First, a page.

A few days ago, we talked about the mysterious Mycenaean city of Sparta and its Bronze Age ruins. Well, this time around, archaeologists (from Ephorate of Underwater Antiquities, University of Geneva and the Swiss School of Archaeology) have come across another Bronze Age site that pertains to a 4,500 years old ancient Greek city. Found submerged under water at the Kiladha Bay, in Argolic Gulf, the significant discovery entails a massive settlement (by 2nd millennium BC standards) that covers an area of 12 acres, or around 10 football fields.

Massive_Ancient_Greek_City_Underwater_Aegean_Sea_6

Interestingly, the researchers had originally hoped to the find evidences for the oldest habitation center or small village in Europe that was at least 8,000 years old. Instead they mapped by chance the outlines of an entire underwater city. These conspicuous lines equated to imposing horseshoe-shaped foundations that bolstered nearby man-made walls. To that end, the series of fortifications allude to how massive towers might have played a crucial role in the city’s protection – thus accounting for huge defensive structures that were unknown in Greece until now. As Professor Julien Beck of the University of Geneva, explained –

The importance of our discovery is partly due to the large size. There must have been a brick superstructure above a stone foundation. The chances of finding such walls under water are extremely low. The full size of the facility is not yet known. We do not know why it is surrounded by fortifications.

Massive_Ancient_Greek_City_Underwater_Aegean_Sea_2

Another fascinating part of the discovery relates to the number of artifacts salvaged from the underwater ruins. According the researchers, their number goes over a whopping 6,000, and includes items like – pottery, red ceramics, stone tools, and obsidian blades (all dating from the period of the 3rd millennium to 2nd millennium BC). These extant Ancient Greek objects are complemented on the architectural level, with the conventional layout of the city entailing a group of small buildings surrounded by fortified walls. The stone buildings in turn comprise variant forms and sizes, ranging from rectangular, circular to elliptical-shaped spaces.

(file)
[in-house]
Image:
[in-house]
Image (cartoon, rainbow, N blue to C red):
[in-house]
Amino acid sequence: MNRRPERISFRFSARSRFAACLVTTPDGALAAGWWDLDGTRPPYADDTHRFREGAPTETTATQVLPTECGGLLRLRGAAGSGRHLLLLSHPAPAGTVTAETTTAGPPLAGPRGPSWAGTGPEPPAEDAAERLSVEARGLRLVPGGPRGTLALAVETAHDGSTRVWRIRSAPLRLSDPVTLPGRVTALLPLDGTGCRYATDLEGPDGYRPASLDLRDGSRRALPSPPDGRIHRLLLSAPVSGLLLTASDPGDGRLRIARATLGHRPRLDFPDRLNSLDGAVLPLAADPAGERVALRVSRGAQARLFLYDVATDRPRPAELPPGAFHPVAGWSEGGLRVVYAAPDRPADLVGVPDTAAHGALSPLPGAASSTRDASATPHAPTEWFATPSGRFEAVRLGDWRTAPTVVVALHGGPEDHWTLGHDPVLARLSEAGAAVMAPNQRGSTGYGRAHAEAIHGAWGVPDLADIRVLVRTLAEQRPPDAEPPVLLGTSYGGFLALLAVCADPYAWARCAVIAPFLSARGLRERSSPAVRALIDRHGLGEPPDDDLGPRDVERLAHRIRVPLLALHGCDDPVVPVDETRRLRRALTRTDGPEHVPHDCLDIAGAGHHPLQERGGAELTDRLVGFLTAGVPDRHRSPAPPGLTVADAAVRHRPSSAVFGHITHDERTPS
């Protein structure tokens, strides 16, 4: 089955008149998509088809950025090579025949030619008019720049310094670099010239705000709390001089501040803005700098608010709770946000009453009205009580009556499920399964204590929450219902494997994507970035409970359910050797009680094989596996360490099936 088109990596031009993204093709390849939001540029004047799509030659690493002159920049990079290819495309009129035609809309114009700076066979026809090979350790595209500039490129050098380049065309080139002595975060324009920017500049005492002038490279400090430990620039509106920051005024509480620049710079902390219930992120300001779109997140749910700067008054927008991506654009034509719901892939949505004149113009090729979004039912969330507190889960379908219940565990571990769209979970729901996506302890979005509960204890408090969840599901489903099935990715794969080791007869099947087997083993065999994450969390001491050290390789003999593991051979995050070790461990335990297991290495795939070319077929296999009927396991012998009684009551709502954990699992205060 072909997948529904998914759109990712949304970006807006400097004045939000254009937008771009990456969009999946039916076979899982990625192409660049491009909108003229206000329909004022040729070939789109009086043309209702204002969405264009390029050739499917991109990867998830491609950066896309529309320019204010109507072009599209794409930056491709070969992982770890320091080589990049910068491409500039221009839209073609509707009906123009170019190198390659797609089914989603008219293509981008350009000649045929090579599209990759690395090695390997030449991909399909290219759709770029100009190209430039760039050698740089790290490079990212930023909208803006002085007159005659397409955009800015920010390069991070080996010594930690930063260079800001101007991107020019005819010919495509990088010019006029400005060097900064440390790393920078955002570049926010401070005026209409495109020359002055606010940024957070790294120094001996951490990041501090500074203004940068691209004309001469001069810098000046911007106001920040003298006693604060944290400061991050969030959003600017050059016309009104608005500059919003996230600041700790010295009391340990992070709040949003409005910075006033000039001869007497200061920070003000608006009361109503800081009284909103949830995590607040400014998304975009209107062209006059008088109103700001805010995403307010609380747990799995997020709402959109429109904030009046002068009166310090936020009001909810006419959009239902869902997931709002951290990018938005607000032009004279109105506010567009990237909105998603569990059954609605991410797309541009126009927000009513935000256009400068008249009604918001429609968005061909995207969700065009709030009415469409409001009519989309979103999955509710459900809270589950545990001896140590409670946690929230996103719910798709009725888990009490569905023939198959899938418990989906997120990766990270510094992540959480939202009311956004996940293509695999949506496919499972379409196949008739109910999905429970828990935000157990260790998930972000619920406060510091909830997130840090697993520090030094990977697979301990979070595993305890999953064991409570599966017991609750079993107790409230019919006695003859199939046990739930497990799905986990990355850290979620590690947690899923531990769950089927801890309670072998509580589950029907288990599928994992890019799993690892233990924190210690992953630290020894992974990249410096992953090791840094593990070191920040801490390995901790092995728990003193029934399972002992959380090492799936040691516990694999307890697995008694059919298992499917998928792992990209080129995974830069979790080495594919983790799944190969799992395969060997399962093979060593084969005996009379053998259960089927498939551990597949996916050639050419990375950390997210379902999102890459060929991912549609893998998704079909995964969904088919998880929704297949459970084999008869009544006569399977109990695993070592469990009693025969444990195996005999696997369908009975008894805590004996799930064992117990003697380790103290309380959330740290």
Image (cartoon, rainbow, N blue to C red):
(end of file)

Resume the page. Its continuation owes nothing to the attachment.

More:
Lastly, concerning the timeline of this underwater city’s creation and existence, the Ancient Greek settlement and its massive fortifications are contemporaneous with the Great Pyramid of Giza. Historically, it also corresponds to the Cycladic culture of Greece, an early Bronze Era civilization (far older than Mycenaean culture) known for its crafting of flat female idols from white marble. Unfortunately, many artifacts from this culture had been lost due to rampant looting mostly during the early 20th century. However, this new discovery might shed some new light into the network of such early Bronze Age coastal settlements, and how they initiated trade, shipping and daily economic affairs.

Massive_Ancient_Greek_City_Underwater_Aegean_Sea_4

Massive_Ancient_Greek_City_Underwater_Aegean_Sea_5

Source: SperoNews / Via: YahooNews

  Subscribe to HEXAPOLIS

To join over 1,100 of our dedicated subscribers, simply provide your email address: